Last week I spotted an article on shopping that classified the different types of shoppers that we are. Appropriate, I guess, in the midst of the busiest shopping time of the year.
The article got me thinking about a shopping phrase I’ve heard a few times in recent years. . . usually from people who you think would know better than to use it. The phrase? . . . “retail therapy.” I got to wondering how entrenched the phrase really is so I googled it and found that there’s actually an entry and a definition in Wikipedia. Here it is. . .
Retail therapy is shopping with the primary purpose of improving the buyer’s mood or disposition. Often seen in people during periods of depression or transition, it is normally a short-lived habit. Items purchased during periods of retail therapy are sometimes referred to as “comfort buys”.
Retail therapy was first used as a term in the 1980s with the first reference being this sentence in the Chicago Tribune of Christmas Eve 1986: “We’ve become a nation measuring out our lives in shopping bags and nursing our psychic ills through retail therapy.”
In 2001, the European Union conducted a study finding that 33% of shoppers surveyed had “high level of addiction to rush or unnecessary consumption”. This was causing debt problems for many with the problem being particularly bad in young Scottish people.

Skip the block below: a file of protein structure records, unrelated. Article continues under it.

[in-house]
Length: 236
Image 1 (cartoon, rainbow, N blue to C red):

Researchers at Melbourne University have advocated its classification as a psychological disorder called oniomania or compulsive shopping disorder.
I find it sad and ironic that at the very time we should be celebrating the coming of the One True Redeemer, we spend our time, money, and effort looking for redemption at the mall. It never works though. Didn’t we listen to what John Mayer sang in “Something’s Missing”? . . .
I’m dizzy from the shopping mall
I searched for joy but i bought it all
It doesn’t help the hunger pain
And a thirst I’d have to drown first to ever satiate
And I don’t know how to fix it
And I don’t know what it is
As a young child, I thought that all the stuff Christmas morning would bring would fill me up, make me happy, complete my life. But in a few hours, I could see the gauge on my satisfaction level dropping. Then, the next Christmas, the vicious cycle would begin all over again. It’s because we look in all the wrong places. Many of us who are Christians complain about the fact that the cashier is not allowed to say “Merry Christmas” anymore. It’s “Happy Holiday” only. They took Christ out of Christmas! But so do we when we think that stuff will make us happy.
The late Mother Theresa warned about this empty cycle that so easily entraps: “Once the longing for money comes, the longing also comes for what money can give – superfluities – nice rooms – luxuries at table – more clothes – fans – and so on. Our needs will increase – for one thing brings another – and the result will be endless dissatisfaction.”
Are you there yet? It’s been a week and a day since you opened your presents. If you’re feeling empty, don’t be surprised. That’s why we have Christmas to celebrate in the first place. He’s the “something missing” . . . and He came to fix it.